California Condor

Today’s endangered species is one of the largest birds in the world; the California condor or Gymnogyps californianus. Gymnos is Greek for naked, because their heads are naked, gyps for vulture and californianus for their range which is California. However, 40,000 years ago, the California condor used to roam all over North America. By the way, condor comes from the Inca word cuntur which the Andean condors are named. Andean condors are California condor’s cousins and they are also critically endangered.

California condors are large. They are larger than a bald eagle. Body size is about 3.5 to 4.5 feet. Their wingspan is quite phenomenal. From wingtip to wingtip is a staggering 9 to 10 feet. Both male and female condors weigh in at about 18-31 pounds. You’d have to be quite strong to hold one of these beasties on your arm. When in flight, the California condor soars to dizzying heights of 15,000 feet where they glide. They can glide for hours without beating their wings and reach speed sup to 30-40 mph.

California condors are completely carnivorous. They’re actually scavengers which means they feast on the dead carcasses of large mammals like cattle, deer, pigs and even whales. They swallow the small bones of these animals in order to meet their calcium requirements. Like most vulture species, they are wary of humans so it’s pretty rare to see one snacking on roadkill. A lot of people believe they are able to smell death from far up above but they’re actually able to see way better than they can smell. They can consume as much as 5-7 percent of their body weight, sometimes more which allows them to go without eating for 2 to 3 days. At most, California condors can go a whole week without eating.

California condors usually nest in caves or natural cavities on cliffs and sometimes in trees such as the giant sequoias. Once a pair mates, they mate forever; they are very monogamous. The parents share nesting duties as well as bringing up offspring together. A condor pair only lays one egg at a time. It takes 2 months for it to hatch and then the young rely on their parents for a year or more after hatching. A California condor’s life span is about 60 years.

The number one cause of the California condor’s decline is humans and human activities. It all began when early Europeans settled in America (looking at you Columbus). They shot, poisoned, and generally disturbed the condors. They also vastly reduced their food supply of deer, elk and other large mammals. By 1985, the entire California condor population was reduced to just 27 individuals. It was decided to capture these individuals into captivity to try and save them from total extinction.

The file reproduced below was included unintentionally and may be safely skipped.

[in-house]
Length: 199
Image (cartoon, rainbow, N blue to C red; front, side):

A controversial conservation breeding program was started in the 1980’s and today the population size is a little over 400 individuals (125 of them being wild; the rest in captivity). Lead poisoning continues to be the number one threat to the condor as well as habitat loss. It is completely illegal to kill a California condor and a bill was introduced in 2007 banning hunters from using lead based ammunition because the California condor feeds on some of the carcasses hunters bring down. It’s a very slow process, especially due to their reproduction rates and the oldest living condor has only made it to 40 years but slowly but surely, the numbers are rising.

Source: AllAboutBirds; WildlifeCA



14 thoughts on “California Condor

  1. Great post, Nel. We watched a special on this a few years ago and they were showing the breeding program and how they basically saved the species. I don’t get why some people don’t agree with the breeding program. I know it’s not natural, but would it be better to let the species die off? Very interesting! 😉


    1. From what I read the opposers felt that the condor was doomed anyway at only 27 individuals so it was better to let it die “gracefully” in the wild than subject it to captivity. Except the part that humans we’re the cause in the first place so logically it’s better to fix a problem than make it worse 😕.
      Glad you enjoyed this post Mischenko! 😁


      1. I see. To me, the little captivity it takes to breed them isn’t a big deal. I’d rather keep the species, but that’s just my opinion. ❤ Anyhow, thanks for sharing this today! I love these posts…


  2. I did a project in 2nd Grade about the Andean and Californian Condors for an Endangered Species unit, which I distinctly remember! Great post and I’m so glad that the efforts to save this animal are working at least a little bit.


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